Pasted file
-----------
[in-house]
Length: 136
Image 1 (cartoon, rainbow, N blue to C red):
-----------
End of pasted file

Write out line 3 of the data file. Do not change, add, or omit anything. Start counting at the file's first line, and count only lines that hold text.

Image 1 (cartoon, rainbow, N blue to C red):